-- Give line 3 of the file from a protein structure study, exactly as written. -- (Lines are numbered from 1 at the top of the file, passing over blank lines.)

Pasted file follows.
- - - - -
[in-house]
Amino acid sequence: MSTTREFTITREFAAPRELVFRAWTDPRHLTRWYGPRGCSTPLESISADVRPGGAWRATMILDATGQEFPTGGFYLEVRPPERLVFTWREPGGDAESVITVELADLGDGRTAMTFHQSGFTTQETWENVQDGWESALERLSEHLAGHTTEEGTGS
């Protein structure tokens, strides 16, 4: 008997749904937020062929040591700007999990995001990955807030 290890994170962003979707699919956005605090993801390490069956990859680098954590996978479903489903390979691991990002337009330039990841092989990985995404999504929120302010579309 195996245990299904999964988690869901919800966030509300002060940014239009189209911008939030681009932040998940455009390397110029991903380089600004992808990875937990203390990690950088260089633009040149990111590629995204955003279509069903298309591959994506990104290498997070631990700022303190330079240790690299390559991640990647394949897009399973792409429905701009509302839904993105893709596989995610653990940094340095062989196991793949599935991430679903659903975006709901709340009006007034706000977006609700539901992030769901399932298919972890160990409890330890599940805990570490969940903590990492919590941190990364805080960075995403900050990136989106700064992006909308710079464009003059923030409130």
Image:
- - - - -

């Protein structure tokens, strides 16, 4: 008997749904937020062929040591700007999990995001990955807030 290890994170962003979707699919956005605090993801390490069956990859680098954590996978479903489903390979691991990002337009330039990841092989990985995404999504929120302010579309 195996245990299904999964988690869901919800966030509300002060940014239009189209911008939030681009932040998940455009390397110029991903380089600004992808990875937990203390990690950088260089633009040149990111590629995204955003279509069903298309591959994506990104290498997070631990700022303190330079240790690299390559991640990647394949897009399973792409429905701009509302839904993105893709596989995610653990940094340095062989196991793949599935991430679903659903975006709901709340009006007034706000977006609700539901992030769901399932298919972890160990409890330890599940805990570490969940903590990492919590941190990364805080960075995403900050990136989106700064992006909308710079464009003059923030409130």